BY TOM PERKINS, PLANET DETROIT
MICHIGAN—During the early 1970s, Michigan enacted a bold set of environmental laws that helped form an unprecedented check on the nation’s industrial heartland. The state’s water and air quality standards went beyond the minimum set by federal law, and it became a leader in managing natural resources and protecting wetlands.
But it wouldn’t last long.
The 1990 election of Gov. John Engler ushered in a new era of deregulation, and, for the next several decades, governors and a largely GOP-controlled Legislature shredded environmental protections while defunding and gutting the state’s regulatory agencies.
The sustained assault hobbled regulators, who are now often unwilling or unable to hold polluters accountable, and the results are in—Flint’s water is poisoned, dangerous air pollution chokes Detroit, and PFAS-contaminated water is killing residents, among other environmental crises.
But now Michigan’s polluters face a new kind of check. A loose coalition of environmental attorneys and activists are increasingly confronting industry with a multi-pronged approach—suing to force companies to follow the law, stepping in during the permitting process and waging campaigns to raise awareness of corporate misdeeds.
They’re de facto regulators, and their strategy is undeniably effective. They’ve forced the closure of the toxic incinerator near Midtown, tripped up Nestle as it attempted to seize the state’s water, pushed utilities like DTE Energy toward clean energy and taken on industrial polluters in and around southwest Detroit.
These groups see themselves as a last line of defense when there isn’t the “political will or appetite to protect the environment,” said Nick Schroek, director of the University of Detroit Mercy’s environmental law clinic.
“Going forward, we’ll likely see more litigation from public interest groups, and that’s partly because of a failure of our government, both state and federal, to evolve and add additional environmental protections that were needed in the face of changing circumstances,” he said.
The rise has been accompanied by a new focus on environmental justice issues in low income communities that bear the brunt of industries’ wrongdoing and political indifference. A new generation of activists from Detroit and other cities has risen, increasingly working with long-established environmental groups (many of whom are new to environmental justice issues) to pressure policymakers.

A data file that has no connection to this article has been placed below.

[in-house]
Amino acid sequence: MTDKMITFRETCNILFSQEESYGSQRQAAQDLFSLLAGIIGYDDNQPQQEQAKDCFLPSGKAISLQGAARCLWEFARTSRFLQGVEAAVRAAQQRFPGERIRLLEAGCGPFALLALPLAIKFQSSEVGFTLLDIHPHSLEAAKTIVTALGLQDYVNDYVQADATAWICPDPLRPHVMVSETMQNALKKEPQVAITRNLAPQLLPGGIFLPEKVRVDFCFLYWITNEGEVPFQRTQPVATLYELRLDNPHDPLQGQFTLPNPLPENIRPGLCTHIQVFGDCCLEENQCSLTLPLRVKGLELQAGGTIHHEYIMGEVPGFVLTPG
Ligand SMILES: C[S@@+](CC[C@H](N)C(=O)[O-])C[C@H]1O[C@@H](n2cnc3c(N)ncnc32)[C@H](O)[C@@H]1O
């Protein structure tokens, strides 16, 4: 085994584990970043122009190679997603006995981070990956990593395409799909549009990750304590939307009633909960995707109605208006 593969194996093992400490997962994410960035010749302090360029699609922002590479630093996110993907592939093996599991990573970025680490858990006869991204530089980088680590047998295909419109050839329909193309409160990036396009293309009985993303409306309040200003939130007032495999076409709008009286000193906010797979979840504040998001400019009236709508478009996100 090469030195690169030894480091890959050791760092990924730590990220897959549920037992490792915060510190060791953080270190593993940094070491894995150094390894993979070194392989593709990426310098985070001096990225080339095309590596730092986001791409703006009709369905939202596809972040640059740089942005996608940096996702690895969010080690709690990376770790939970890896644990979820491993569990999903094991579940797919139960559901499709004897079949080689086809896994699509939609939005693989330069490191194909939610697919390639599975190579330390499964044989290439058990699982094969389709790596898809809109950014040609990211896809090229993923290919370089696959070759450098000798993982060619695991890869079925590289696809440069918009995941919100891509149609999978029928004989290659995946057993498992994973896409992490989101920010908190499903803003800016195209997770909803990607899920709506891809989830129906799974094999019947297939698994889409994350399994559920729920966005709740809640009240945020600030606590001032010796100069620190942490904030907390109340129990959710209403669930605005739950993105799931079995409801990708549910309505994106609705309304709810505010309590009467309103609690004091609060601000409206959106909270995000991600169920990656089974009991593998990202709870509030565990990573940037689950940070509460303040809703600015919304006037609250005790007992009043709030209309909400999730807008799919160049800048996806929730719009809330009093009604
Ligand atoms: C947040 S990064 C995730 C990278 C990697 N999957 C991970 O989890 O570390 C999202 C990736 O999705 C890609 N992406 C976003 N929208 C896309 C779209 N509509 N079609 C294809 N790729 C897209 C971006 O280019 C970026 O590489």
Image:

In recent years, they mounted what is essentially a vigorous public relations campaign that outed Marathon as a local corporate villain. While activists have fought the incinerator since its planning stages, an uptick in public pressure in recent years was critical in forcing its closure, said Nick Leonard, director of the Great Lakes Environmental Law Center.
In the absence of meaningful government oversight, activists are “doing the accountability work for the regulatory system,” said Michelle Martinez, acting executive director of the Michigan Environmental Justice Coalition.
“They’re the scientists, they’re the regulators, they’re the checks and balances of a broken system,” she said. “They’re taking on a David and Goliath fight in almost every single case, whether it’s Marathon Oil, or FCA or the Detroit incinerator – you have fights against multibillion dollar fossil fuel corporations that have the lockdown on the political system.”
But while citizen and public-interest lawsuits provide the public with a valuable weapon in battles with polluters, ultimately the war can only be won with a robust regulatory apparatus. Last-line-of-defense legal cases brought by residents “are not going to get us where we need to be,” on encompassing issues like climate change, Schroeck said.
“We’re sort of nipping around the edges of really, really complicated complex issues … and there needs to be systematic statewide and nationwide efforts, rather than piecemeal litigation,” he added. “To solve issues like chemical contamination across the state, there needs to be a uniform approach.”
‘A Hurdle to Economic Growth’
The deep cuts to the Michigan Department of Environmental Quality in the 20 years that preceded the Flint Water crisis clearly illustrates how defunding regulators can spark environmental disasters that take and destroy lives.
During the early 1990’s, Engler weakened the DEQ (now EGLE) by taking a more direct oversight of the agency and enacting deep budget and staff cuts. Gov. Jennifer Granholm next slashed the budget by nearly $100 million, and a 2010 EPA audit of the DEQ found that $300,000 in cuts to the Drinking Water Program had a “significant impact” on the agency’s ability to monitor water.
Gov. Rick Snyder’s administration pushed an extreme “business-first” philosophy in the DEQ that was summed up by Dan Wyant, the agency’s first director, in a 2010 Crain’s interview: “It’s true we’d like to have more resources, but it’s important that we get the economy back on track first. The DEQ can be a part of that by not being a hurdle to economic growth.”
By the time the Flint water crisis started poisoning residents, the agency’s staff and funding had been cut by around 20% since 2001. The attack on regulators here mirrored that playing out nationally as conservatives began to argue that “environmental protection was something that was somehow at odds with a healthy economy,” Schroeck said. But he noted that history repeatedly shows how this approach leads to environmental disasters, like Flint.
“We saw the crippling of our environmental regulators and it was really impossible for them to do their job,” Schroek said. “The way these laws are supposed to be designed is that we have a government regulator that’s there to protect the public’s health, and to be a counterweight to the very powerful corporate interests.”